SEC Working Hard For The Money

Mary Jo White is a taskmaster's taskmaster.
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By U. S. Securities and Exchange Commission [Public domain], via Wikimedia Commons

Going out with a bang. By U. S. Securities and Exchange Commission [Public domain], via Wikimedia Commons

Mary Jo White’s busy little worker bees sure kept themselves occupied over the last 12 months: The Enforcement Division brought a whopping 868 cases in the year ended September 30, the third year in a row it has broken its previous record and 113 more cases than it brought back in 2014. In spite of the spike, there’s one record that didn’t go down: the SEC’s reward for bringing those cases. Sitting at $4.2 billion in each of the previous two years, MJW & co. had to settle for “over $4 billion” this time, as the chief sent her beat cops out looking for taggers, litterers and violators of noise ordinances.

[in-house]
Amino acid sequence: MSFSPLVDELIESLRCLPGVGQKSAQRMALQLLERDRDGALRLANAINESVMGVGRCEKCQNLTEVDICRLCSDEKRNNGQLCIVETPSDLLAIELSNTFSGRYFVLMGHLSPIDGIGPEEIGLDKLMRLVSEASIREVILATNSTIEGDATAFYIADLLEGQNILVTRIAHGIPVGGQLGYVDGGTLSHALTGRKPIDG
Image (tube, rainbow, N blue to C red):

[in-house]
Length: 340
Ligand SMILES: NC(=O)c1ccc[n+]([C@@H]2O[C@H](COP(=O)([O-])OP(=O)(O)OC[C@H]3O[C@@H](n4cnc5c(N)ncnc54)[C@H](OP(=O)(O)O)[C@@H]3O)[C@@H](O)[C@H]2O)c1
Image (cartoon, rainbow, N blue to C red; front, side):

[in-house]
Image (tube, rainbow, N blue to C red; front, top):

Shortly after Ms. White became SEC chairman in April 2013, she instructed the enforcement division to adopt the broken-windows approach. It is modeled on a theory of community policing in which authorities target small problems in an effort to fight crime.

Since then, the SEC has brought batches of cases targeting areas where it believes there are widespread violations of the rules, such as controls designed to protect stock offerings from short selling. The cases are typically settled for relatively small amounts. The SEC’s aim is to foster a culture of compliance by being an “agency that…makes you feel like we are everywhere,” Ms. White said.

SEC Breaks Record for Number of Enforcement Cases [WSJ]

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